This was part of Computational Challenges and Optimization in Kinetic Plasma Physics

What it will take to do first principles optimal design of fusion

Andrew Christlieb, Michigan State University

Wednesday, February 21, 2024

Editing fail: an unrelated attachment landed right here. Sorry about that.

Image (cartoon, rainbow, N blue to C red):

Abstract: Enabling first principle design of fusion energy systems faces many challenges.  To start with there are a vast number of spatial and temporal scales within these systems.  Let's consider ITER, the joint international fusion energy system being designed based on the tokamak concept. From its smallest spatial scale lengths to the device scale lengths, there are 8 orders of magnitude in scales. Likewise, from the smallest temporal scales to the largest time scales we need to consider, there are 14 orders of magnitude in scales.  Similar spatial and temporal scales exist in all fusion concepts, including those at the National Ignition Facility.  Complicating the situation is the fact that a fundamental model for describing dynamics within this non-equilibrium system is the Boltzmann equation, which is 6 dimensional plus time.  Ignoring the issues around temporal scales, storing a single copy of distribution function with a 3 cubic centimeter resolution of the 480 cubic meter volume inside of ITER requires 2.4 petabytes of ram.  Even this level of resolution does not resolve the smallest spatial scales within the system, let alone the additional requirements for time stepping and making the solution high order such that we trust the answer.   Doubling the resolution requires 2^6 more pieces of information, and hence, the goal of first principles optimal design of fusion is plagued by the curse of dimensionality.  In addition, existing plasma modeling tools based on a reduced representation using Magneto-hydrodynamics take weeks to months to do a single run.  It's not possible to do optimal design with traditional plasma codes. This problem demands new mathematical representations to address this grand challenge.  This approach needs to start with new accurate sparse representations of kinetic models and end with structure preserving surrogate models that can be trusted inside of optimizers.  We need surrogates that are cheap, efficient and sufficiently accurate to guide design decisions.  In a multiphysics setting this means we need to be able to linked together collections of surrogates and be able to “trust” the resulting outcome. Hence, the surrogates have to preserve key physics so as to ensure a stable approximation coming from the coupled surrogates. Surrogates of all forms depend on data. To get there, we need new methods for generating data that let us capture high fidelity physics at a moderate cost.  This could come in the form of greedy reduced basis methods, low rank representations, mixed precision computing, asymptotic preserving methods, blended computing which hybridizes structure preserving machine learning surrogates with traditional scientific computing, cheep and accurate error indicators, etc.  At the heart of this list is the key idea that we need a families of methods/models that can bootstrap to a collection of trusted surrogates for optimal design.   In addition, we need new approaches to multi fidelity uncertainty quantification and optimal design that can leverage unordered models in the decision making process.    To tackle such a problem of this scale, the key step is the design of intermediate moderate challenge problems that bring in all aspects of the overarching goal without the need to introduce every aspect of these multi physics problems at once.  To that end, towards the end of my talk, I will discuss a proposed set of radiation transport problems that can be used as a starting point for building tools that enable multi physics surrogates of the kind we need along with API’s for interfacing with UQ frameworks.  There is also a need for trusted ground truth data for training surrogates, so that those who want to focus on surrogates can.  Doing the hard work of designing intermediate moderate challenge problems and providing the community with ground truth data will lay the foundation for the community to be able to contribute to this effort.